As these technologies would be valuable and exportable, a green industrial strategy could turn the UK into a science superpower. It could help us not only counter, but exploit, the important technology spillovers from IRA and the like.
Green innovation needs policy support
On the demand side, a stable and predictable price for green energy is a prerequisite for the market certainty energy companies need to invest in low emission technologies. It is already being done through long term contracts (feed-in tariffs) for utility companies, giving them confidence to invest.
This has proven effective in developing technology for wind power generation, which is now among the cheapest (and greenest) sources of energy. It could be deployed in other sectors as well, such as hydrogen.
Another potentially powerful measure on the demand side is government procurement, used to set the agenda and create new markets for green fuels and technologies. Public buildings and offices could be instructed to switch to clean energy suppliers, as could the private sector recipients of government contracts.
Industrial policies work on the supply side as well, operating directly on producer incentives by altering the cost structures they face in the market. Examples include imposing a carbon cap on manufacturers to limit their greenhouse gas emissions or banning the production of vehicles with engines powered by fossil fuels (as the government has done, from 2030, with some in the Labour Party calling for this to be earlier).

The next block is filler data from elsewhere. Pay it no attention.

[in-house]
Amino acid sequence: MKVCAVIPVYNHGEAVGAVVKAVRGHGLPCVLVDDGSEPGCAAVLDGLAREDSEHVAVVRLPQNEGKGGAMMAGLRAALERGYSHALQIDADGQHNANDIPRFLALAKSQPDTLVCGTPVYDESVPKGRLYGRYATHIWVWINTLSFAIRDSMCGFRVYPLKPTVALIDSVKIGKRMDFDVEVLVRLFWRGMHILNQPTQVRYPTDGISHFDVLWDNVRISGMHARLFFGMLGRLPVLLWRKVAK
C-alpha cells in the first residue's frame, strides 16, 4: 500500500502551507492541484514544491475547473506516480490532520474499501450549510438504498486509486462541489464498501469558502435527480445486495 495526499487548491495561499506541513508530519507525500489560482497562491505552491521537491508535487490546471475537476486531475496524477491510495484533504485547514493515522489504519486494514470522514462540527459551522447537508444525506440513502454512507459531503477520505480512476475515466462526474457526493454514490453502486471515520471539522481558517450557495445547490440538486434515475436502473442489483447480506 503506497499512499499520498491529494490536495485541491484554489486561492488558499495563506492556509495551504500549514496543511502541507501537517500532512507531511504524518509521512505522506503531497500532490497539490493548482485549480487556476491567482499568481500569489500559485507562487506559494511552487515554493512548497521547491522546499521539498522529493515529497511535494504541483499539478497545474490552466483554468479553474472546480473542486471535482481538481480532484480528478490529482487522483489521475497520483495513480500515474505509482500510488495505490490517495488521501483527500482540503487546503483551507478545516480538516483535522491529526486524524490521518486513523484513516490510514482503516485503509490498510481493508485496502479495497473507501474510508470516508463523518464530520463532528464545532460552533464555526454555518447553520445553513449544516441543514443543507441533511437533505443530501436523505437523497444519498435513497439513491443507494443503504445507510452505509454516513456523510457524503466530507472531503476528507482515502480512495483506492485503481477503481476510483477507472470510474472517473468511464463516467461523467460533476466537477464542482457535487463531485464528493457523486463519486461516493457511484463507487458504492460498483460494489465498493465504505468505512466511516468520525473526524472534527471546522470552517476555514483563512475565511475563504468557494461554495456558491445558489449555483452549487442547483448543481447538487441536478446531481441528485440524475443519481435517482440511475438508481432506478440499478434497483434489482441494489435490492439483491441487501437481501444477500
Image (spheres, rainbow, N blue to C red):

Positive inducements can work alongside, by directly subsidising R&D or the development of supply chains for renewables, for example. Stalled attempts to develop battery plants to support electric vehicle production in the UK show how complex, costly supply chains, dependent on an uncertain final market, are prone to co-ordination problems in the private sector, making state intervention a necessity. Unfortunately, the government has been slow to grasp the nettle on early intervention in organisationally complex sectors like electric vehicles. JLR’s decision to build its flagship battery factory in the UK is welcome, but it comes after a long period of uncertainty amid other cancelled projects like Britishvolt.
Investment should be targeted at economic and strategic priorities
To avoid similar disasters, the government should identify those parts of the clean energy supply chain of strategic or economic interest that should be domestic and target investment at them, or provide access to inexpensive private capital for firms that can help to build up the supply chain.
Advanced manufacturing tax credits, grants and other funding being issued by the US Department of Energy are an example of this. There could be more specific R&D tax credits for research into renewable technologies and support in the form of development contracts for private firms seeking to take them to market.
For all this to work, policy must be stable, predictable and committed. UK industrial strategies too often fail because decisions chop and change according to political whim, undermining business confidence. The climate emergency demands action now and is too important not to engender a robust and decisive response.